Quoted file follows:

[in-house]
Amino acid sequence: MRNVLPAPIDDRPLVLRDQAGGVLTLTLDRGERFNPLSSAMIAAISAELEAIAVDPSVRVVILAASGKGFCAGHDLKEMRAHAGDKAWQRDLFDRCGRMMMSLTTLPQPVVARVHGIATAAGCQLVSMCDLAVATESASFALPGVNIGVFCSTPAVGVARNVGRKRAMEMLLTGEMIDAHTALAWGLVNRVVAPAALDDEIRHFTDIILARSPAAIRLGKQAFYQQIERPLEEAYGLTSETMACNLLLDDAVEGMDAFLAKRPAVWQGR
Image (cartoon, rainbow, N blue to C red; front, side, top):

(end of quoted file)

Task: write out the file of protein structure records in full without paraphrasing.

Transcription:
[in-house]
Amino acid sequence: MRNVLPAPIDDRPLVLRDQAGGVLTLTLDRGERFNPLSSAMIAAISAELEAIAVDPSVRVVILAASGKGFCAGHDLKEMRAHAGDKAWQRDLFDRCGRMMMSLTTLPQPVVARVHGIATAAGCQLVSMCDLAVATESASFALPGVNIGVFCSTPAVGVARNVGRKRAMEMLLTGEMIDAHTALAWGLVNRVVAPAALDDEIRHFTDIILARSPAAIRLGKQAFYQQIERPLEEAYGLTSETMACNLLLDDAVEGMDAFLAKRPAVWQGR
Image (cartoon, rainbow, N blue to C red; front, side, top):